Game-changing moments are often only recognised and appreciated in retrospect. When is the exact moment a rap icon is born? When does an artist transcend from being a great rapper to being recognised as a legend? How do we decide who’s got next? And who decides – gatekeepers? Which gatekeepers? Fellow artists? The Fans..? South Africa’s top 5 hip hop artists have, to a large extent, contained the same names over the past few years, but can most of them even still be considered as hip hop? With modern versions of Kwaito songs, house inspired tracks, rappers proclaiming themselves as pop stars, and others biting every single genre they can latch onto to salvage their collapsing careers from perishing altogether, SA hip hop has looked largely unrecognisable this year, expect for a single game-changing moment – the release of Shane Eagle’s debut album, Yellow.
“Shane Eagle saved SA hip hop.”- A murmur that is whispered along hip hop corridors between members of South Africa’s hip hop community who are too scared to offend their hip hop connects, the hip hop factions they rep or their meal tickets. As an entourage member devoted to maintaining a lifestyle you can’t fund yourself on the gram, it’s hard to sit in a rapper’s sec and sip on their champagne when you openly express that someone else has a better project than theirs.
The release of Shane’s debut album not only shocked SA hip hop out of its comatose state of complacency, it destroyed many illusions that rapper X or Y had the best hip hop album of 2017. Just so there’s no ambiguity, I’ll say it here; Shane Eagle dropped the best South African hip hop album of 2017. Yes, that means a better album than Thuto, Manando, Be Careful What You Wish For, New Era Sessions, High Level etc. That doesn’t take away from those respective albums or artists in any way; Yellow was simply a better body of work on numerous levels.
I found it peculiar that SA’s hip hop industry didn’t stand up and applaud the release of Yellow. A handful of individuals not marred by ego or threatened by Shane’s tangible rise offered due props, whilst most stood in deafening silence. Masses of SA hip hop fans on the other hand, embraced the release of Yellow, with many describing it as a breath of fresh air in local hip hop and an album the game has been in dire need of. Many local rappers have cried that South Africa’s hip hop audience isn’t discerning enough to appreciate nuanced hip hop or doesn’t have the attention span to dissect intellectual rap, a notion the release of Yellow has dispelled. What the release of Yellow has also shed light on, is that a number of so called South African rappers don’t want nuanced, mature hip hop as it exposes many of their own limitations as pseudo-artists. The truth is that many people benefit from the hip hop bar being lowered; if every established local rapper was required to produce an album on par with Yellow, there wouldn’t be many SA rappers left standing. As US rapper Russ recently said in a Montreality interview, “People might think this whole thing called Mumble Rap is running rap. It’s not. You know when you should really be concerned? Is if some of that Mumble Rap ish is the biggest ish in rap. But it’s not. Guess what the biggest ish in rap is? Dudes who can rap, and it always will be. If you can’t rap like that, you’re not going down with the best; you’re not ever going to be the biggest. You’re gonna plateau because that has a ceiling.”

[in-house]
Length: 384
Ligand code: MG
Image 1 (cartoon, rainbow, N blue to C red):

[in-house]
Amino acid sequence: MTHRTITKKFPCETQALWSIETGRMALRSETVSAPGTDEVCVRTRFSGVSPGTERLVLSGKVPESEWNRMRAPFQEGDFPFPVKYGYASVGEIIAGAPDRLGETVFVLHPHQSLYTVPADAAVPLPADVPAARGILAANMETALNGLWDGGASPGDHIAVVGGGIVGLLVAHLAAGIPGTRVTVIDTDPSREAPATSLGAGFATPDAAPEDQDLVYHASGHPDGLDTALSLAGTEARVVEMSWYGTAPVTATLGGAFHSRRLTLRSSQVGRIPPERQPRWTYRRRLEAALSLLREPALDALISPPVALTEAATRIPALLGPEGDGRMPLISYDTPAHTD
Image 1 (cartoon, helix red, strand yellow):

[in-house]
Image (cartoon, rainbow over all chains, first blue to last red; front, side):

Shane’s introduction to many of his fans was through The Hustle, a reality show which shaped the perception of him, a perception characterised by his looks and his ego, a far cry from the artist before me today. His evolution as an artist since the show has been immeasurable, mirroring an artistic maturity typically found in rappers a decade older than him. “The evolution happened with me as a person before it happened with the music,” reflects Shane. There’s a touching humility about him and a profound level of respect offered to each person he engages with. “You could have easily left The Hustle and taken the easier route making trap or radio friendly music, why did you choose to take the harder road?” I ask. “I didn’t even see it as it being the harder road or focused on what anyone would think. I was really just going through some shit in my life and all I know to do is to make music and I was like everything I’m going through I’m going to put on this album. Everything is damp and so morbid with sounds; everyone’s just sounding the same and I knew I couldn’t come out with my first album sounding like everyone else. In a sense I feel like it was also a selfish element of being an artist, I stopped making music for the masses and started making music for myself, and the biggest blessing has been that the music I made for myself is what the people are rocking with.”
Yellow is a remarkable project, offering a vulnerable narration of Shane’s complex life. Shane’s journey has been one of duality, a tangible characteristic in his music. His mother is half black and half coloured, and his father a white man of Irish descent; resulting in Shane constantly navigating conflicting worlds and offering him tremendous insight into South Africa’s multifaceted identity. “That is where most of me was created because there were two spaces for me to live in and understand. I could understand the hood and the grimy side of it, but my Dad was still making money and I got to understand that side. I had two perspectives which not many people are exposed to.” Feeling a tangible difference from a young age from not completely belonging within a coloured, black or white community, Shane formed a fierce level of independence early on. It’s a non-conformist outlook which has informed a large part of his career and how he has maintained his individuality and sense of identity as an artist – his decision to not sign with a major record label and start his own label, Eagle Entertainment alongside Vaughn Thiel, his decision to walk away from The Hustle and produce tracks such as Cutting Corners and Julia, as opposed to uninspired trap songs.